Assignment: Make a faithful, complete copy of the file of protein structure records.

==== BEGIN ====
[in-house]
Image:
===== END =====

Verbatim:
[in-house]
Image: